County endures hurricane effects
Subheadline: Irma makes impact with tropical storm
Jasper County was on edge last week and early this week as it waited for the effects of Hurricane Irma.
Tropical storm winds and about 10 inches of rain were expected to hit the county as the storm made its way last weekend from Florida, where it was a Category 4.
The county was under a tropical storm warning and a hurricane watch throughout the weekend and Monday (top winds of 30 to 40 miles per hour possible, with gusts up to 55 miles per hour) and officials feared a strong storm surge of 4 to 6 feet.
Gov. Henry McMaster ordered mandatory evacuations on Friday only for those at Knowles Island and the Tullifiny River, but the county urged residents to leave, especially in low-lying areas, particularly in the Levy area and those southeast of Hwy. 170 within Jasper County. The Roseland community was also a flooding concern.
Parts of U.S. 17 South headed to the Talmadge Bridge in Savannah were closed by noon Sunday.
By early Monday, Irma was downgraded to a tropical storm.
The storm’s effects hit the area Monday morning and immediately made an impact: A tree was down at Mitchelville and Smith’s Crossing in northern Jasper County and three trees were downed in Hardeeville. A car attempted, unsuccessfully, to go under a downed tree on S.C. 336, according to Jasper County Fire-Rescue. There were no injuries.
At one point Monday afternoon, trees were down in 14 areas, including four mile-markers on Interstate 95 north and south.
The city suspended its emergency services temporarily at 10 a.m. because of high winds and at the same time the county’s emergency services prioritized calls east of I-95, Hardeeville and the Levy areas because of the weather conditions. Services later resumed.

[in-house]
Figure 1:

Palmetto Electric and SCE&G reported more 3,000 people without power as of Monday afternoon.
The shelter at Ridgeland-Hardeeville High School in Ridgeland opened on Saturday (with at least 280 people taking residence as of Monday) and S.C. Law Enforcement Division, S.C. Highway Patrol and the National Guard were called in to patrol the areas of mandatory evacuation.
Last Thursday, Jasper County Fire Chief Wilbur Daley urged citizens to evacuate as the Category 5 storm was gathering steam in the Caribbean. At the time, the hurricane was expected to hit the Lowcountry as a Category 2 or Category 3 storm.
To ensure the safety of the county’s citizens, Daley recommended an evacuation.
“This is a storm not to play with,” Daley said last Thursday. “We need you to leave.”
By Friday, the storm began to shift west – slightly away from the area – and was tracking to Florida as a still-powerful Category 4 storm. Daley advised against complacency and continued to urge the county to plan to evacuate.
“That doesn’t mean that it can’t turn back toward us or toward our area,” Daley said at a Friday press conference.
As of Saturday, the state said 44,457 people were affected by the evacuation in the barrier islands, including 409 at Knowles Island and 32 at Tullifiny.
The hurricane led to mandatory evacuations in Florida which forced an unprecedented amount of traffic in Jasper County and the state. The state said there were 92,000 extra vehicles on the roads as of last week and locally U.S. 17 saw stop-and-go traffic for several days. U.S. 321, U.S. 278 and Interstate 95 were jammed .
Hardeeville Police Chief Sam Woodward estimated last week that 100,000 cars went through Hardeeville in a few days.
“I’ve never seen traffic like this in my 33 years in law enforcement,” Woodward said.
Jasper County Council Chair Marty Sauls assured the citizens that officials were prepared for the storm.
“Jasper County, the city of Hardeeville, and the town of Ridgeland have the best resources, the best technology and best personnel to monitor the situation. You are in good hands,” he said.
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The threat of Hurricane Irma moved up our print deadline. For the latest news, visit www.jaspersuntimes.com and follow us on Facebook.